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Title: Solar plus: Optimization of distributed solar PV through battery storage and dispatchable load in residential buildings

As utility electricity rates evolve, pairing solar photovoltaic (PV) systems with battery storage has potential to ensure the value proposition of residential solar by mitigating economic uncertainty. In addition to batteries, load control technologies can reshape customer load profiles to optimize PV system use. The combination of PV, energy storage, and load control provides an integrated approach to PV deployment, which we call 'solar plus'. The U.S. National Renewable Energy Laboratory's Renewable Energy Optimization (REopt) model is utilized to evaluate cost-optimal technology selection, sizing, and dispatch in residential buildings under a variety of rate structures and locations. The REopt model is extended to include a controllable or 'smart' domestic hot water heater model and smart air conditioner model. We find that the solar plus approach improves end user economics across a variety of rate structures - especially those that are challenging for PV - including lower grid export rates, non-coincident time-of-use structures, and demand charges.
Authors:
 [1] ;  [2] ;  [2] ;  [2]
  1. National Renewable Energy Lab. (NREL), Golden, CO (United States); Univ. of Wisconsin, Madison, WI (United States)
  2. National Renewable Energy Lab. (NREL), Golden, CO (United States)
Publication Date:
Report Number(s):
NREL/JA-6A20-70778
Journal ID: ISSN 0306-2619
Grant/Contract Number:
AC36-08GO28308
Type:
Accepted Manuscript
Journal Name:
Applied Energy
Additional Journal Information:
Journal Volume: 213; Journal Issue: C; Journal ID: ISSN 0306-2619
Publisher:
Elsevier
Research Org:
National Renewable Energy Lab. (NREL), Golden, CO (United States)
Sponsoring Org:
USDOE Office of Energy Efficiency and Renewable Energy (EERE), Solar Energy Technologies Office (EE-4S)
Country of Publication:
United States
Language:
English
Subject:
14 SOLAR ENERGY; 25 ENERGY STORAGE; solar; storage; load control; optimization; residential buildings
OSTI Identifier:
1417734

O'Shaughnessy, Eric, Cutler, Dylan, Ardani, Kristen, and Margolis, Robert. Solar plus: Optimization of distributed solar PV through battery storage and dispatchable load in residential buildings. United States: N. p., Web. doi:10.1016/j.apenergy.2017.12.118.
O'Shaughnessy, Eric, Cutler, Dylan, Ardani, Kristen, & Margolis, Robert. Solar plus: Optimization of distributed solar PV through battery storage and dispatchable load in residential buildings. United States. doi:10.1016/j.apenergy.2017.12.118.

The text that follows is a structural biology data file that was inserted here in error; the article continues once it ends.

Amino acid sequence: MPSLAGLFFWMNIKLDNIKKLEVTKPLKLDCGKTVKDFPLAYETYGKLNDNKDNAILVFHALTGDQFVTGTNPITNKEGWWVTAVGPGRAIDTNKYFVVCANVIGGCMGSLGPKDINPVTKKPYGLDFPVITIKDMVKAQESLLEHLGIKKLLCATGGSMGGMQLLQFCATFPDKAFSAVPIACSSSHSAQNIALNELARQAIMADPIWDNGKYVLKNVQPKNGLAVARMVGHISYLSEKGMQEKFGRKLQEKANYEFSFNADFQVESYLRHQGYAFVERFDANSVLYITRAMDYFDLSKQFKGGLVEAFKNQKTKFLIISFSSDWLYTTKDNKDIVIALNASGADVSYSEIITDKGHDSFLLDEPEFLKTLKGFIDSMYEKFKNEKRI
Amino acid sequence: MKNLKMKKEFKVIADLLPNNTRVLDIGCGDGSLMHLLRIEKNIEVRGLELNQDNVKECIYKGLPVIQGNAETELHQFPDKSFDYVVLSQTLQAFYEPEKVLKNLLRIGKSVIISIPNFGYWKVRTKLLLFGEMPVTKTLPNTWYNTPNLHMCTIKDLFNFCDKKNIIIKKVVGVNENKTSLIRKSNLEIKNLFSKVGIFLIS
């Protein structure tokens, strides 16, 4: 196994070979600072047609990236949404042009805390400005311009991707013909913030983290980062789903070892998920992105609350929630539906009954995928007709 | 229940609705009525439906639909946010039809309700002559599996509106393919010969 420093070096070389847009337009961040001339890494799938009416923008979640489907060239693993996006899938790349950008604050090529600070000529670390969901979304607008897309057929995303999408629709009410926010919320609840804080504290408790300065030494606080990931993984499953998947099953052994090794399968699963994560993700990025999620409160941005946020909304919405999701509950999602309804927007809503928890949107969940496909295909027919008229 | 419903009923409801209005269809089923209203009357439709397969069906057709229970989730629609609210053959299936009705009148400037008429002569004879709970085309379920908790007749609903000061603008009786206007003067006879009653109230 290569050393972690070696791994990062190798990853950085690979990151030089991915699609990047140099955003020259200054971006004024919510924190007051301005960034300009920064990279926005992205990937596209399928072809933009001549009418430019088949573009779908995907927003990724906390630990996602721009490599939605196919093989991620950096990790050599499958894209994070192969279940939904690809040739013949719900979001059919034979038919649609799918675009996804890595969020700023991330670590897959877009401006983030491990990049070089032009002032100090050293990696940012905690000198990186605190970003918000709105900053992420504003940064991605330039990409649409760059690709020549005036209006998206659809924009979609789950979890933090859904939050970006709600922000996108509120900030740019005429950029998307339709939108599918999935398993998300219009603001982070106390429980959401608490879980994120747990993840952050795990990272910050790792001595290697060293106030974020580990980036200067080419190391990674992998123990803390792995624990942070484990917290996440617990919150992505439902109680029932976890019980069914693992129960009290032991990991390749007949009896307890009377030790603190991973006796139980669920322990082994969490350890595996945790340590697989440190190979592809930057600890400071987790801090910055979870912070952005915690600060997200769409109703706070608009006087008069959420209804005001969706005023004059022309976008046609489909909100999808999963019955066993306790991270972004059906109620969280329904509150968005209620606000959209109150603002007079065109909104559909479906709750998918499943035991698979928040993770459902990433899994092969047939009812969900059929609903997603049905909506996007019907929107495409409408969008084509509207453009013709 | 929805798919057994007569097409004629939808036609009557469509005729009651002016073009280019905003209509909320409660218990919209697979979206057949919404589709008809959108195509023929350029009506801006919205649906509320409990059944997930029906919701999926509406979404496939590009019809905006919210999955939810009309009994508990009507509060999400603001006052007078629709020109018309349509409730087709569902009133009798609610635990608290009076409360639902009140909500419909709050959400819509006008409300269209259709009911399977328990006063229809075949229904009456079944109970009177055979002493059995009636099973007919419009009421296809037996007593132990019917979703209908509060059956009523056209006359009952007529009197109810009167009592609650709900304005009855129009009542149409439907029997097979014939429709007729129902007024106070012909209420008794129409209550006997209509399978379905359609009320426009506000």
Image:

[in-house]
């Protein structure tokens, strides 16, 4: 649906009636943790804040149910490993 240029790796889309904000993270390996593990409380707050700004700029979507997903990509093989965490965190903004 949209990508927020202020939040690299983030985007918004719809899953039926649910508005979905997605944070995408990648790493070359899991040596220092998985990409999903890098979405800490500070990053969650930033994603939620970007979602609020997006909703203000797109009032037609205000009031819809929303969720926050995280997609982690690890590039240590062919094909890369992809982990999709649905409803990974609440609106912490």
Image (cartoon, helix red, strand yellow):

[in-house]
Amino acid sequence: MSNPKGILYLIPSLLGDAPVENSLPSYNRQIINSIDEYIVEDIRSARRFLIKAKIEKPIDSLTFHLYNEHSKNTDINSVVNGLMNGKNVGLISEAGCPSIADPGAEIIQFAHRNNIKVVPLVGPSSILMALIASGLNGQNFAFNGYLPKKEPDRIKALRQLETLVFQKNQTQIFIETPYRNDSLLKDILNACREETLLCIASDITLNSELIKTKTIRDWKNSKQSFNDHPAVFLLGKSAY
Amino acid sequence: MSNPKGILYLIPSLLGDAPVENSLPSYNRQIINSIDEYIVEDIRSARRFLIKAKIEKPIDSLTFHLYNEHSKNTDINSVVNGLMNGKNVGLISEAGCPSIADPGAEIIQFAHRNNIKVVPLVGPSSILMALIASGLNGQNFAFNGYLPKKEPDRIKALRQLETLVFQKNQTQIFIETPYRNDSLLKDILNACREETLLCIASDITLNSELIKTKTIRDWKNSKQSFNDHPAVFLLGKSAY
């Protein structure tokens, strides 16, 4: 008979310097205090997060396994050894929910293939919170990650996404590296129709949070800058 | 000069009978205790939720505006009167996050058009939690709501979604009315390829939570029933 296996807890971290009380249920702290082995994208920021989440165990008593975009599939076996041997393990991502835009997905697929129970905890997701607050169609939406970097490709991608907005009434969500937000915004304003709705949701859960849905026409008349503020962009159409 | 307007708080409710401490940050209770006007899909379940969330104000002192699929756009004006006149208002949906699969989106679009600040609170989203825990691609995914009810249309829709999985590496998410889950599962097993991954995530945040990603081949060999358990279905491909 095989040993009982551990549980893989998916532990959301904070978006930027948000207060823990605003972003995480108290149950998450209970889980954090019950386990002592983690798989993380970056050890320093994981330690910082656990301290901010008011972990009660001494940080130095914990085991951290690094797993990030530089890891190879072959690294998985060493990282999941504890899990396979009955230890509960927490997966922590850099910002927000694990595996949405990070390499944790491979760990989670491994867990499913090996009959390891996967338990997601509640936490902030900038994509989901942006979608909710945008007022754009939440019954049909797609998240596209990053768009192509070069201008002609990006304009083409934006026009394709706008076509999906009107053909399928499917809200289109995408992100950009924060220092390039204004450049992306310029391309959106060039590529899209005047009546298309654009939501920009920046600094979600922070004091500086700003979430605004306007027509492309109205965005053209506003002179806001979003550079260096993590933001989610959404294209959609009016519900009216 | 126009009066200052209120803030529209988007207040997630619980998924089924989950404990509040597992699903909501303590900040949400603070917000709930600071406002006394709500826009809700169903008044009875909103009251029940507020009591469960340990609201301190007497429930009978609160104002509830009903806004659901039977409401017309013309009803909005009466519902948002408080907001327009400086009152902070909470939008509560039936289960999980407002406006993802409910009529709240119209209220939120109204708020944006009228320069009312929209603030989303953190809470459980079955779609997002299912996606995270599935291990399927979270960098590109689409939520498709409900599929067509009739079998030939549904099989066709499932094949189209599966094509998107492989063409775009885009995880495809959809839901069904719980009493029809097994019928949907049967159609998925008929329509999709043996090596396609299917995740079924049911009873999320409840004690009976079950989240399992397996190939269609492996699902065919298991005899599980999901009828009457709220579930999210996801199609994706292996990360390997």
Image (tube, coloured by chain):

O'Shaughnessy, Eric, Cutler, Dylan, Ardani, Kristen, and Margolis, Robert. 2018. "Solar plus: Optimization of distributed solar PV through battery storage and dispatchable load in residential buildings". United States. doi:10.1016/j.apenergy.2017.12.118.
@article{osti_1417734,
title = {Solar plus: Optimization of distributed solar PV through battery storage and dispatchable load in residential buildings},
author = {O'Shaughnessy, Eric and Cutler, Dylan and Ardani, Kristen and Margolis, Robert},
abstractNote = {As utility electricity rates evolve, pairing solar photovoltaic (PV) systems with battery storage has potential to ensure the value proposition of residential solar by mitigating economic uncertainty. In addition to batteries, load control technologies can reshape customer load profiles to optimize PV system use. The combination of PV, energy storage, and load control provides an integrated approach to PV deployment, which we call 'solar plus'. The U.S. National Renewable Energy Laboratory's Renewable Energy Optimization (REopt) model is utilized to evaluate cost-optimal technology selection, sizing, and dispatch in residential buildings under a variety of rate structures and locations. The REopt model is extended to include a controllable or 'smart' domestic hot water heater model and smart air conditioner model. We find that the solar plus approach improves end user economics across a variety of rate structures - especially those that are challenging for PV - including lower grid export rates, non-coincident time-of-use structures, and demand charges.},
doi = {10.1016/j.apenergy.2017.12.118},
journal = {Applied Energy},
number = C,
volume = 213,
place = {United States},
year = {2018},
month = {1}
}